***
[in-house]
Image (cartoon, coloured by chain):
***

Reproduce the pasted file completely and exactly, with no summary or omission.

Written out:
[in-house]
Image (cartoon, coloured by chain):